Reported By: Bitcoinist.com
Sam Bankman-Fried will be allowed to use a non-internet-connected flip phone under new bail conditions that include restrictions on internet usage, according to prosecutors cited by Bloomberg.
The former FTX CEO is still free on a $250 million bail but is being held at his parents’ home with an ankle monitor. Prosecutors stated in a letter to U.S. District Judge Lewis Kaplan late Friday that the parties had agreed to changes in the terms of Bankman-Fried’s release.
Did Sam Bankman-Fried Try To Contact Witnesses?
According to Bloomberg, the request was submitted before Kaplan of the Southern District of New York courthouse in response to accusations that Sam Bankman-Fried tried to contact witnesses.
Additional limitations include not contacting current or former FTX or Alameda Research trading arm staff other than direct family members unless accompanied by a lawyer. He is also unable to use encrypted or ephemeral call or messaging apps.
Bankman-Fried’s laptop will also be limited to a whitelist of allowed websites. In a filing, U.S. Attorney Damian Williams stated that his usage of video games and other related applications should be banned as well.
He is also not permitted to use a virtual private network, or VPN, on his phone, which encrypts internet traffic and conceals a user’s identity.
Last month, Kaplan prohibited Sam Bankman-Fried from using VPNs after his lawyers claimed he used one to watch football.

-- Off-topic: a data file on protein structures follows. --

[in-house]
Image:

FTX Collapse And Aftermath
The collapse of FTX occurred over a 10-day period in November 2022. The trigger was a Nov. 2 report by crypto news site CoinDesk, which revealed that Bankman-Fried’s trading firm, Alameda Research, maintained a $5 billion position in FTT, the native token of FTX.
According to the report, Alameda’s investment foundation was also funded in FTT, the token created by its sister firm, rather than a fiat currency or any cryptocurrency.
This sparked widespread alarm in the cryptocurrency industry about his companies’ unreported leverage and solvency.
Bankman-Fried resigned as CEO of FTX on Nov. 11, and was replaced by court-appointed John Ray, who previously led energy trading major Enron through bankruptcy procedures.
The following day, FTX filed for Chapter 11 bankruptcy protection, revealing that around 130 other connected entities were also involved in the process. According to the bankruptcy filings, FTX had assets and liabilities between $10 billion to $50 billion.
Bankman-Fried is accused of orchestrating a major scam that resulted in FTX’s demise in November. In extensive public statements, he took full responsibility for the disaster but claimed he did nothing wrong and pleaded not guilty.
-Featured image from KCUR
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